Next comes Maya (Geraldine Viswanathan), the teenage daughter of Indian immigrants, who signs on as Ty’s receptionist but soon proves invaluable as his eyes and ears on the burgeoning digital landscape. It is Maya who creates Ty’s digital store (the first of its kind), and who envisions a limited-edition Beanie strategy that enables the company to create a “buy-it-now” culture among millions of fans. That, in turn, leads to the explosion of eBay transactions, pushing the secondary market higher and higher — and in turn goosing the company’s toy store sales (as noted in the film, in the mid-1990s Beanie Babies accounted for 10 percent of all eBay sales).
Ty may be the sun at the center of the film’s universe, but the three women are the planets — where all the life is. Banks has an actor’s gift for portraying hurt, anger, and scheming revenge all at the same time. Snook brings that quality of emerging realization that served her so well on Succession; an eye-narrowing “Oh, so that’s how it is” attitude that informs the viewer that she’s one step ahead of us — and her nemesis — virtually all the time. Viswanathan has perhaps the most challenging role, morphing seamlessly from an uncertain office temp to a woman who simply will not be trifled with.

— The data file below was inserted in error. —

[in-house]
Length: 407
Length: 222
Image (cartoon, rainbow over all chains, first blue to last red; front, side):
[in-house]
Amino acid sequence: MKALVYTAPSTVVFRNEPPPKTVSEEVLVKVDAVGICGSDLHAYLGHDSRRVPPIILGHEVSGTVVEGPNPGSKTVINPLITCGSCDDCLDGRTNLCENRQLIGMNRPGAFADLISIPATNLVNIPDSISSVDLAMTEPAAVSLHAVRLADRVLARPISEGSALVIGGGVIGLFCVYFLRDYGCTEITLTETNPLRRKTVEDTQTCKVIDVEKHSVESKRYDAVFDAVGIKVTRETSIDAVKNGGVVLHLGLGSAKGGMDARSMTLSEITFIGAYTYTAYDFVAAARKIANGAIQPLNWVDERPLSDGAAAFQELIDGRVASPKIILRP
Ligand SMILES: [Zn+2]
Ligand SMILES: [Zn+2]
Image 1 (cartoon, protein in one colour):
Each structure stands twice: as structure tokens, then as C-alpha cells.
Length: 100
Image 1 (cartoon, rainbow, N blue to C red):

As an exercise in storytelling, The Beanie Bubble seems unnecessarily convoluted. The narrative unfolds in an overlapping chronology, clicking to and fro from the 1980s to the 1990s and back, and then back again, and then back again. It appears co-writers Kristin Gore (who also co-directs) and Zac Bissonnette are intent on featuring all three women simultaneously, even though their unique contributions to the tale of Ty really only intersect at one precise moment. For the most part, the conceit doesn’t really work — until it does, in the final five minutes, with a payoff that makes the earlier confusion almost worth it.
Besides the compelling human stories at its center, The Beanie Bubble also examines, in unflattering light, the commodification of culture, a proudly American compulsion to monetize virtually everything. (How many people stashed sealed boxes of baseball cards in their attics, counting on them to finance their kids’ college educations?)
Pull up “Beanie Babies” on eBay these days, and you’ll still find the little guys for sale, sometimes at wildly inflated prices — apparently there are still a few sought-after stuffed unicorns out there — but mostly for modest sums of $10 or less. Whatever their cash value, there they are: sealed in locked plexiglass boxes, as if exposure to mere air will somehow further diminish their already dwindling value.
The Beanie Bubble burst nearly 30 years ago when, according to the film, Ty foolishly abandoned his “limited edition” strategy and flooded the market with Beanies. He remained rich as ever; his legions of collectors were left holding garbage bags full of virtually worthless cloth and plastic.
The Beanie Bubble is, in the end, a cautionary tale, waving us all off the next worthless big thing. If you believe that’s going to work, then I have some Bitcoin I’d like to sell you.